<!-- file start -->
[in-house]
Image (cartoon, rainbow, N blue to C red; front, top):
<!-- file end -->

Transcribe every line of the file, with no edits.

[in-house]
Image (cartoon, rainbow, N blue to C red; front, top):